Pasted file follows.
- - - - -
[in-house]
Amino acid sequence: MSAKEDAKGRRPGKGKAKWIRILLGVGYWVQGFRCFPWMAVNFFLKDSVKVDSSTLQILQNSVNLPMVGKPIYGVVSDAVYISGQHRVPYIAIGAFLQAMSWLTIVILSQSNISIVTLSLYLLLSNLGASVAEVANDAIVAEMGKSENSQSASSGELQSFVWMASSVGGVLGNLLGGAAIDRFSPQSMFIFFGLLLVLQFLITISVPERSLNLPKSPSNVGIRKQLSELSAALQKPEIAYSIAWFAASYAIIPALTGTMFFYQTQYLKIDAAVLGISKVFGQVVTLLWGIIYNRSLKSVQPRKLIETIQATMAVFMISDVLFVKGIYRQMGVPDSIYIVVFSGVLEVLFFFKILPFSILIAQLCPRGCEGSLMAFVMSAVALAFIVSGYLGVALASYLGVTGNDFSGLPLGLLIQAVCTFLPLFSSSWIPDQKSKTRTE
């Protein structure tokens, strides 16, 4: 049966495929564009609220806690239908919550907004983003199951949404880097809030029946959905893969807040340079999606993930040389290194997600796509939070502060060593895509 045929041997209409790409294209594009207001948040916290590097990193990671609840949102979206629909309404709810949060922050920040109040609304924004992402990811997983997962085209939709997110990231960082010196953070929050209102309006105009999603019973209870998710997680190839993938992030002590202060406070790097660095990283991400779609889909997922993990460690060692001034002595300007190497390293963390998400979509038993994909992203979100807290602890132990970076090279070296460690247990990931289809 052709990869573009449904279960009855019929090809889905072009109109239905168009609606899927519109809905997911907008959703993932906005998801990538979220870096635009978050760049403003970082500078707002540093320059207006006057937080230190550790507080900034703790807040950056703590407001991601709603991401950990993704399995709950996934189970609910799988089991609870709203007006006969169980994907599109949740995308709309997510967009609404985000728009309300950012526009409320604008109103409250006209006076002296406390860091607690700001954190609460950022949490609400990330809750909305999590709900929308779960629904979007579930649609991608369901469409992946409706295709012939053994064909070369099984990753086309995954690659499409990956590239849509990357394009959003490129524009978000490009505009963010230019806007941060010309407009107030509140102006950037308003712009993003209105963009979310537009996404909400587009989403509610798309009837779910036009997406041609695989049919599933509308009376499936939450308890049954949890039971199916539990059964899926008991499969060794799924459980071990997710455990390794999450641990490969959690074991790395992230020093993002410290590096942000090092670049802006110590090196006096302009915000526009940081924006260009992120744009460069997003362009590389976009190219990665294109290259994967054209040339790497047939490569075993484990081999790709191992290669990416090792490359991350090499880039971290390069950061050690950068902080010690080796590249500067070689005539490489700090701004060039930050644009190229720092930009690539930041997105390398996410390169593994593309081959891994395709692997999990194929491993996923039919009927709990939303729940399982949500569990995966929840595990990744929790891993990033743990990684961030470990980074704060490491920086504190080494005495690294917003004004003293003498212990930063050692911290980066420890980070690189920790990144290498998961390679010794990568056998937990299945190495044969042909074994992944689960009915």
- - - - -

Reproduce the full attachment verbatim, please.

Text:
[in-house]
Amino acid sequence: MSAKEDAKGRRPGKGKAKWIRILLGVGYWVQGFRCFPWMAVNFFLKDSVKVDSSTLQILQNSVNLPMVGKPIYGVVSDAVYISGQHRVPYIAIGAFLQAMSWLTIVILSQSNISIVTLSLYLLLSNLGASVAEVANDAIVAEMGKSENSQSASSGELQSFVWMASSVGGVLGNLLGGAAIDRFSPQSMFIFFGLLLVLQFLITISVPERSLNLPKSPSNVGIRKQLSELSAALQKPEIAYSIAWFAASYAIIPALTGTMFFYQTQYLKIDAAVLGISKVFGQVVTLLWGIIYNRSLKSVQPRKLIETIQATMAVFMISDVLFVKGIYRQMGVPDSIYIVVFSGVLEVLFFFKILPFSILIAQLCPRGCEGSLMAFVMSAVALAFIVSGYLGVALASYLGVTGNDFSGLPLGLLIQAVCTFLPLFSSSWIPDQKSKTRTE
């Protein structure tokens, strides 16, 4: 049966495929564009609220806690239908919550907004983003199951949404880097809030029946959905893969807040340079999606993930040389290194997600796509939070502060060593895509 045929041997209409790409294209594009207001948040916290590097990193990671609840949102979206629909309404709810949060922050920040109040609304924004992402990811997983997962085209939709997110990231960082010196953070929050209102309006105009999603019973209870998710997680190839993938992030002590202060406070790097660095990283991400779609889909997922993990460690060692001034002595300007190497390293963390998400979509038993994909992203979100807290602890132990970076090279070296460690247990990931289809 052709990869573009449904279960009855019929090809889905072009109109239905168009609606899927519109809905997911907008959703993932906005998801990538979220870096635009978050760049403003970082500078707002540093320059207006006057937080230190550790507080900034703790807040950056703590407001991601709603991401950990993704399995709950996934189970609910799988089991609870709203007006006969169980994907599109949740995308709309997510967009609404985000728009309300950012526009409320604008109103409250006209006076002296406390860091607690700001954190609460950022949490609400990330809750909305999590709900929308779960629904979007579930649609991608369901469409992946409706295709012939053994064909070369099984990753086309995954690659499409990956590239849509990357394009959003490129524009978000490009505009963010230019806007941060010309407009107030509140102006950037308003712009993003209105963009979310537009996404909400587009989403509610798309009837779910036009997406041609695989049919599933509308009376499936939450308890049954949890039971199916539990059964899926008991499969060794799924459980071990997710455990390794999450641990490969959690074991790395992230020093993002410290590096942000090092670049802006110590090196006096302009915000526009940081924006260009992120744009460069997003362009590389976009190219990665294109290259994967054209040339790497047939490569075993484990081999790709191992290669990416090792490359991350090499880039971290390069950061050690950068902080010690080796590249500067070689005539490489700090701004060039930050644009190229720092930009690539930041997105390398996410390169593994593309081959891994395709692997999990194929491993996923039919009927709990939303729940399982949500569990995966929840595990990744929790891993990033743990990684961030470990980074704060490491920086504190080494005495690294917003004004003293003498212990930063050692911290980066420890980070690189920790990144290498998961390679010794990568056998937990299945190495044969042909074994992944689960009915």